Oil spills – Part 3 in a multi-part series about the environment

According to Marineinsight.com, an oil spill is when there is a contamination in the ocean due to oil being spilled, because of a accident and/or an error made by a human. Oil spills come in many different sizes. Climateiknterpreter.org reports that there are about 20,000 oil spills each year. These range from being small and quickly contained, to very large and taking a while to contain.

During the Gulf War, in 1991, there were about 240 to 336 million gallons of oil spilt. This happened because Iraq opened the oil wells and pipelines. This is was the largest oil spill, caused on purpose, history has ever seen. This spill affected the coral ecosystem and local fisheries.

Another large oil spill was the Deepwater Horizon plant spill in 2010. As reported by Telegraph.co.uk, this spill happened in the Gulf of Mexico. There were about 210 million gallons of oil that ended up in the ocean. This spill flowed for over three months: April 20, 2010 to July 15, 2010. This became the largest accidental spill in the history of the petroleum industry. This spill killed 11 men that were working on the plant platform, and injured 17 others. The leak was stopped by capping the wellhead after it spilled around 4.9 million barrels of oil – crude to be exact. This meant that about 53,000 barrels escaped each day. This affected the the marine and wildlife habitats, as well as Gulf’s fishing and tourism industry.

If you have a small vessel, there is a checklist to go through to prevent small spills. The first thing would be, tighten bolts on the engine. The bolts can loosen due to shaking while the engine is being used. The next thing would be, replace cracked or worn lines and fittings before they get lose and fall out. There is also a checklist for filling up your vessel. The first thing is to avoid overflows when refueling; you should know what the capacity of your tank and nosing you should leave room for the fuel to expand. The next thing is to use an absorbent pad to catch any drips. For more information about this, please visit: Responde.restoration.noaa.gov

Endangered animals – Part 2 in a multi-part series about the environment

A red panda (Ailurus fulgens) image taken from: https://www.mindfood.com/article/endangered-animal-day/

Have you ever wondered which animals are and aren’t endangered? The answer to that is very long.

Let’s start with what an endangered animal is before this article gets started. An endangered animal is, according to wonderopolis, an animal that is in danger of going extinct. There are sadly so many animals that are becoming endangered by humans. We are destroying their habitats, and their homes. How do you think you would feel if someone was taking away your home because they needed land to build apartments and cities for themselves?

The list of endangered animals goes on and on. From African wolf dogs, to green turtles, to many more. The list goes on and on, on the World Wildlife website about the different types of animals that are endangered.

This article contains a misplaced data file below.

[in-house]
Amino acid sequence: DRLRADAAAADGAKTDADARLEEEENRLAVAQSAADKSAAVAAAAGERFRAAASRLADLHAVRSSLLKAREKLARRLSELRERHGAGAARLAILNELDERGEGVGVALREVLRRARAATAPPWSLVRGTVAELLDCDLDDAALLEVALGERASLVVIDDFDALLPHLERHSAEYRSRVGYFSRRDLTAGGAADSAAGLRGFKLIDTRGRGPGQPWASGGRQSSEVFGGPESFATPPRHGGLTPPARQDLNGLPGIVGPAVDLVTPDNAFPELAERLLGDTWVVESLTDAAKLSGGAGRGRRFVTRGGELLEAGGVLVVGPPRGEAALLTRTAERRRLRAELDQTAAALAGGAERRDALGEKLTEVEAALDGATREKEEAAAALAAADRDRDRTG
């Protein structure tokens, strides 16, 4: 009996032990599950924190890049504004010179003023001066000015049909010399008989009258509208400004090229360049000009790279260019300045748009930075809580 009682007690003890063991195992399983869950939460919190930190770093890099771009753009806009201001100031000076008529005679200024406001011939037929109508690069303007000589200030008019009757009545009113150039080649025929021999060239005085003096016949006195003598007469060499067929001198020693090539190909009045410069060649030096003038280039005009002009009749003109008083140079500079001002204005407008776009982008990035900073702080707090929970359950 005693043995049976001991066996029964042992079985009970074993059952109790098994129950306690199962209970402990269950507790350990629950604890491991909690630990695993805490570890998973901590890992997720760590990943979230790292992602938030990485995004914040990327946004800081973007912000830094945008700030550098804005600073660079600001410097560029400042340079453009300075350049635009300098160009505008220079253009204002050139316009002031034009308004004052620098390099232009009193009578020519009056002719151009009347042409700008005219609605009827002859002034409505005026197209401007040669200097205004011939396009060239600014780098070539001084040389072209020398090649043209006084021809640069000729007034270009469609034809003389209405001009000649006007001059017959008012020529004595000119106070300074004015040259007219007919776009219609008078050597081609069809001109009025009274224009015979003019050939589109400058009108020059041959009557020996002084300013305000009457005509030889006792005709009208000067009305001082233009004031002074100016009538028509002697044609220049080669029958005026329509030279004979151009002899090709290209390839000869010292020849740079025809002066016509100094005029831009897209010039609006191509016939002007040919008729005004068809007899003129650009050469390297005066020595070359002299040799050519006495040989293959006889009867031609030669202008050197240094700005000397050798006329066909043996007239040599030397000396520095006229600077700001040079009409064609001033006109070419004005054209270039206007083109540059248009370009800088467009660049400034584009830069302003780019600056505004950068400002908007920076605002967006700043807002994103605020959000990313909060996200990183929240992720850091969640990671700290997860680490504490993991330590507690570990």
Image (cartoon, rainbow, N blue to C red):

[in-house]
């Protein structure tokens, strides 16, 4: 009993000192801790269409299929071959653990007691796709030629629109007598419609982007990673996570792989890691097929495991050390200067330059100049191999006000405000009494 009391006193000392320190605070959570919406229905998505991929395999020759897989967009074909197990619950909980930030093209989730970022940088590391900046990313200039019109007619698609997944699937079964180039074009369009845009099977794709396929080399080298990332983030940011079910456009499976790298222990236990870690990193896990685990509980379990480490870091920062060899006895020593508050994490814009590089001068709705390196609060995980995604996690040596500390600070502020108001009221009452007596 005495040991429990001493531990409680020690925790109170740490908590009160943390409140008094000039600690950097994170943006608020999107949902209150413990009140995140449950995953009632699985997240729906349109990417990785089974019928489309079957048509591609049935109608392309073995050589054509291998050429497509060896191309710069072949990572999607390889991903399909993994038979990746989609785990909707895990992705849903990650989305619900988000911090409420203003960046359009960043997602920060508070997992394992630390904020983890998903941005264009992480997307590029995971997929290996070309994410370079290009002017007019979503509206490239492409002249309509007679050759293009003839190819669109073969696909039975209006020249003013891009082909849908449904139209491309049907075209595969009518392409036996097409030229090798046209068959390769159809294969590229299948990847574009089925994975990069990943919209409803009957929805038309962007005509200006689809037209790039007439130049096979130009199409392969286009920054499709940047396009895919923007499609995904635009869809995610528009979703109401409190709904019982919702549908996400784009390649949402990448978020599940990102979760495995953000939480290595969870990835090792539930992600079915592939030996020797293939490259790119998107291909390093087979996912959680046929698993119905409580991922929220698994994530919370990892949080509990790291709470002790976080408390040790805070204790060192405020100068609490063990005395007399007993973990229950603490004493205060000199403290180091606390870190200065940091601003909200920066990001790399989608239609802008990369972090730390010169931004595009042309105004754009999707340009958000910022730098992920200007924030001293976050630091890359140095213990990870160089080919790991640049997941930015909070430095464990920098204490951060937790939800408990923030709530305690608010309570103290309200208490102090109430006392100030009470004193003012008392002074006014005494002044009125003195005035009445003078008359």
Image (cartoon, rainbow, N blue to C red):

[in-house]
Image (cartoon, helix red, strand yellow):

The Amur leopard is one of the more critical animals. An Amur leopard is commonly found in a forest in Asia. These leopards are endangered because they are being taken for their gorgeous fur, of which is spotted. For more information about the Amur leopard, please visit: Mnzoo.com or World wildlife.com

Another animal that is in critical danger is the black rhino. A black rhino is going extinct because hunters are hunting them for their horns, which have an ivory color. This ivory color can be sold on the black market. As well as their horns, the rhinos habitat is slowly dwindling away. You can actually help these rhinos. You can raise awareness on World Rhino Day. Just by raising awareness of this issue can cause local donors to donate money for veterinary care. This money can also help to bring education of what hunting is doing to their population. The rhinos populations is already very small. For more information about the black rhino, please visit: Animalplanet.com

The Bornean orangutan is another of the of the more critically endangered animals. These orangutan’s habitat is becoming smaller and smaller due to deforestation and cleaning the land for plantations. The logging of trees is affecting the orangutans because they spend almost all of their time in the trees. Another thing is that the smoke of fires confusing them, which leads to them becoming very susceptible to death because their habitat is being burned down. You can help young infants that have been taking from their mother by adopting a little orangutan. It’s only $65 a year. Please visit Theorangutanproject.org for more information.

Lastly, the Cross River gorilla is critically endangered. There is about 300 individuals that remain. This gorilla is the most endangered African ape as of 2013. These gorillas are endangered because of hunters wanting to hunt and trade their meats. For more information, please visit: Birdlife.org